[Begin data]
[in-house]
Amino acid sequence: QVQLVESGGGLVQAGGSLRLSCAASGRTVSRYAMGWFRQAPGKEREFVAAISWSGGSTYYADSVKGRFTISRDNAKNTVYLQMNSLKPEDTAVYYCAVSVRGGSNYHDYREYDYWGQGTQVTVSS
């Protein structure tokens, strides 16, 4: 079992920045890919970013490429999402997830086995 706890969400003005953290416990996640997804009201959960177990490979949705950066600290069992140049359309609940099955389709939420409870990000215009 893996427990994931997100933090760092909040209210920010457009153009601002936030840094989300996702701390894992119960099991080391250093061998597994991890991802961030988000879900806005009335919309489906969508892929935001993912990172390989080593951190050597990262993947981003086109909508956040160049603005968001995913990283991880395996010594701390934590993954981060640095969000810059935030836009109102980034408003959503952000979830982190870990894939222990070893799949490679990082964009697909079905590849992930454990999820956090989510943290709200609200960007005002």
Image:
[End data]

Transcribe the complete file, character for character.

[in-house]
Amino acid sequence: QVQLVESGGGLVQAGGSLRLSCAASGRTVSRYAMGWFRQAPGKEREFVAAISWSGGSTYYADSVKGRFTISRDNAKNTVYLQMNSLKPEDTAVYYCAVSVRGGSNYHDYREYDYWGQGTQVTVSS
């Protein structure tokens, strides 16, 4: 079992920045890919970013490429999402997830086995 706890969400003005953290416990996640997804009201959960177990490979949705950066600290069992140049359309609940099955389709939420409870990000215009 893996427990994931997100933090760092909040209210920010457009153009601002936030840094989300996702701390894992119960099991080391250093061998597994991890991802961030988000879900806005009335919309489906969508892929935001993912990172390989080593951190050597990262993947981003086109909508956040160049603005968001995913990283991880395996010594701390934590993954981060640095969000810059935030836009109102980034408003959503952000979830982190870990894939222990070893799949490679990082964009697909079905590849992930454990999820956090989510943290709200609200960007005002």
Image: